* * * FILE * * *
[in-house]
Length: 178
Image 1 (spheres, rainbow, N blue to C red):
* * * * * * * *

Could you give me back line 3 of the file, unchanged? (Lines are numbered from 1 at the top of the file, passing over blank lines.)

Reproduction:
Image 1 (spheres, rainbow, N blue to C red):